July 24, 2024

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Today is the 90th anniversary of the British War Memorial dedication on Mt. Scopus


The Sun reports:

PRINCE Charles is at the centre of a diplomatic row after plans for him to visit Israel were dropped by the Foreign Office.

The heir to the throne was set to become the first Royal to carry out an official state visit to Israel since it was created in 1948.

On May 7, 1927, the central memorial of the Jerusalem British War Cemetery on Mount Scopus was dedicated by Lord Allenby for soldiers who fell during World War I.

Prince Charles was set to travel to Israel to honour thousands of British war dead at the centenary of the WW1 Palestine Campaign and the historic Balfour Declaration.
But insiders say the controversial trip – unofficially pencilled in for later this year – has now been binned.
It is feared the decision may have been taken to avoid upsetting Arab nations in the region who regularly host UK Royals.

It is likely that Charles would have visited the British War Cemetery at Mount Scopus.

Before 1948, British officials would routinely visit the cemetery, whose war memorial was dedicated 90 years ago today.

Photo circa 1930

It has over 2500 graves, including a Jewish section.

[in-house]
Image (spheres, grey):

The 1927 dedication ceremony itself was not well reported. Reporters were not allowed to cover the story directly, something that upset the Zionist community, as the Palestine Bulletin reported:

The Chief Rabbi of Palestine was also upset because the ceremony was on a Saturday and he couldn’t attend:

Clearly, the Palestinian Jews were most interested in participating in these ceremonies.

The cemetery itself makes it appear as if it its land was a gift from all the people of Palestine, with mostly identical inscriptions in English, Hebrew and Arabic:

The Hebrew one adds the initials of Eretz Yisrael after the word “Palestine.”

I don’t know if this early example of political correctness reflected the feelings of the Arab residents of British Mandate Palestine. I cannot find any mention of Arab officials attending the ceremony, and most Arabs were on the Ottoman side of the Great War.

This newspaper article (from a small California paper) on the dedication put the defeat of the Ottoman Empire in distinctly religious, almost messianic terms, which again would make the participation of Muslims seem unlikely.

Looking at articles in the Palestine Post in the twenty years afterwards, I see that there were annual Armistice Day ceremonies at the cemetery, often with Jewish groups placing wreaths. Again, I could not find any record of Arab dignitaries at any of these ceremonies.

So Prince Charles choosing not to attend this year is especially jarring, after so many decades of Jews honoring British war dead and the Arabs mostly ignoring them. (Although from all accounts, Gazans have been taking care of the British war cemetery there very well.)

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